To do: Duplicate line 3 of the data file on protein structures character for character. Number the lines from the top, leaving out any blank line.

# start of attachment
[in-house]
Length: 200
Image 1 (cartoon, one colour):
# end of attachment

Image 1 (cartoon, one colour):